Lack of specialists has been particularly problematic, since Mexico has two general physicians and specialists per 1,000 people, while the OECD average is 3.2. According to Dr. Enrique Graue, Director of the Faculty of Medicine of UNAM, the health sector has developed inconsistently, causing an excess of physicians in certain specialties and a shortage in others. Additionally, for some areas of Mexico – mainly large cities – there is a surplus of doctors, while rural areas are facing shortages. Addressing the issue, Dr. Teresa Corona, Director General of the National Institute of Neurology and Neurosurgery (INNN) said, “patients living in different regions do not have access to these resources, obliging them to travel to one of these three cities [Mexico City, Monterrey, and Guadalajara] and representing a burden for the National Institutes of Health.” To solve this, she goes on, “health services in every single state could be consolidated to increase the number of general and specialty hospitals.” As for Dr. David Kershenobich, Director General of the National Institute of Medical Science and Nutrition (INCMNSZ), the problem is not dictated by a shortage of specialists but on a lack of general practitioners. The INCMNSZ has implemented telemedicine solutions to provide support to doctors in several parts of Mexico.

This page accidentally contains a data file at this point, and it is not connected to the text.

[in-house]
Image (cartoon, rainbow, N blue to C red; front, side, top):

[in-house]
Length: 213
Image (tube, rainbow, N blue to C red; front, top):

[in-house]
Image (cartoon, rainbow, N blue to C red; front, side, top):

Quality is increasingly becoming prioritized among the Ministry of Health, IMSS, ISSSTE, PEMEX, SEDENA, and ISSEMyM, with 18 hospitals belonging to the institutions accredited by the General Health Council. Generating innovative models is vital in offering more comprehensive medical care. For instance the INCMNSZ implemented a new treatment model that could be easily incorporated into the health system. Dr. Kershenobich explains “in INCMNSZ, patients with diabetes no longer visit the hospital frequently, instead receiving integral care